For pizza consumers, two things are a given: Your pizza should taste great, and it should be safe to eat. Great taste and good value will win the consumer; food safety will protect the customer and serve the business.
Explore this issueJune/July 2012
Anyone perusing the FDA or USDA websites will find a slew of food recalls listed. One Midwestern pizza manufacturer has never experienced such an incident and doesn’t intend to.
“There is nothing more important than food safety,” said Rick Roedl, president of Emil’s Pizza of Watertown, Wis. “After that, it’s quality. The customer has to love our pizza and keep coming back for more, or we fail.”
Quality was surely on the mind of the young man who opened a pizza shop in Watertown more than 50 years ago. Emil Kopplin’s desire to make the best-tasting pizzas in the region resulted the evolution of his business from a small, walk-in pizzeria to a sought-after supplier for local bars, bowling alleys, and other entertainment venues. In time, the pizzas were frozen for distribution, and the company started to grow in retail markets. Emil’s Frozen Pizza is quickly becoming a Midwest staple.
Today, Emil’s Pizza produces pizza for retail, wholesale, co-packing, and fundraising customers throughout Wisconsin, Minnesota, Illinois, and North and South Dakota. Maintaining great taste and ensuring safe processes were easier when the business was small. But when Roedl joined the company in 2007 with a vision for expanded production, sales, and distribution, he knew he had a lot of work to do.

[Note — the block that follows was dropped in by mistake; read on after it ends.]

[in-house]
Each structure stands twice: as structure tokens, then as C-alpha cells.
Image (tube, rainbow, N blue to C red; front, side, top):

“There were challenges when I first came to the company,” he said. “People took pride in their work, but a good system allowing Emil’s to freeze and distribute the best-tasting pizzas in the least amount of time was in need of improvement. The company had been doing things one way for a long time, making it nearly impossible to maintain our quality standards while increasing production. The business was stuck in a production rut without room to support the growth.”
Roedl’s experience in Individual Quick Frozen (IQF) processes allowed him to quickly define one of the key problems: The company’s former nitrogen tunnel was not only causing production “log jams,” but its tight welded corners and structural obstructions also made for tough cleaning and left a potential for bacterial harborage points, along with inconsistent freezing that could impact taste, quality, and shelf life.
Roedl said Emil’s considers two absolutes above all others when selecting food processing equipment: Equipment must allow increased production capacity at an affordable operating cost, and it must be easy to clean and maintain.